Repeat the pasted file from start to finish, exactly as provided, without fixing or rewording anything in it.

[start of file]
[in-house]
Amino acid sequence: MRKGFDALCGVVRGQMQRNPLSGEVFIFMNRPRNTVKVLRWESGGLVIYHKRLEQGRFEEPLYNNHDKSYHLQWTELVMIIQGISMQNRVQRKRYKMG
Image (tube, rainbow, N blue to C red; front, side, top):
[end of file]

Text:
[in-house]
Amino acid sequence: MRKGFDALCGVVRGQMQRNPLSGEVFIFMNRPRNTVKVLRWESGGLVIYHKRLEQGRFEEPLYNNHDKSYHLQWTELVMIIQGISMQNRVQRKRYKMG
Image (tube, rainbow, N blue to C red; front, side, top):